The Wisconsin Department of Health Services is seeking public feedback on how the state should use $8 million in funding for projects reducing harms associated with opioid use disorder.
The funding is from a multi-state opioid lawsuit that Wisconsin settled in February 2022 against several major pharmaceutical companies, including Cardinal, McKesson, AmerisourceBergen and Johnson & Johnson, according to the Department of Health Services. The state received a $31 million payout in 2022 and is due to receive more than $400 million in funds from the lawsuit over the next 18 years.
“The funds that Wisconsin DOJ helped secure from opioid companies will aid communities across Wisconsin in combating the opioid epidemic,” Attorney General Josh Kaul said in a DHS press release Thursday. “Input from those impacted by the epidemic will help maximize the good that these funds can do for Wisconsinites.”
Last year’s settlement spending plan approved by the Legislature’s Joint Finance Committee included funds for school and community-based intervention programs.
University of Wisconsin System programs that help to curb the risks of drug overdoses — specifically the implementation of Nalox-Zone boxes in university residence and dining halls — are a potential beneficiary of this year’s funds. These boxes, first installed at UW-Madison in November 2022 after previously being implemented at other UW schools, contain the medicine Naloxone to prevent possible drug overdoses.
University Health Services Assistant Director of High-Risk Drinking Jenny Damask spoke with The Daily Cardinal about the possibility of expanding the installation of Nalox-ZONE boxes in various locations on campus.
“Our goal really would be to expand and have some Nalox-ZONE boxes in a few other places on campus that make sense,” Damask said.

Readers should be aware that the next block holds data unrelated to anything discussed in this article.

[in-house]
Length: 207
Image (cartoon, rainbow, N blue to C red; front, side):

In addition to expanding the current program, Damask is also hopeful that the funds can be used to provide fentanyl testing strips. Drugs mixed with fentanyl are the leading cause of overdose deaths in Wisconsin, and fentanyl testing strips can be used to test whether a particular drug contains fentanyl within minutes, according to DHS.
“For a while, [fentanyl testing strips] were kind of hard to get and distribute, but they have been decriminalized in Wisconsin,” Damask explained. “Perhaps if there was funding for that, that could make it easier, or if there was a similar box that had testing strips in them.”
DHS data shows there were 1,427 opioid deaths statewide in 2021, a 56% increase from two years prior. Opioid-related hospital visits from 2021 totaled 4,258, with emergency room visits rising 19% since 2019.
The current Nalox-ZONE boxes are a solid start for opioid misuse reduction, according to Damask. However, she feels more boxes, more fentanyl test strips and better education of how to distribute Naloxone — perhaps through a Canvas course for students — would be “really helpful.”
“More boxes, more education, more training, fentanyl testing strips, all those things are so important because we know that just a little amount if someone were to take something could be deadly,” Damask said.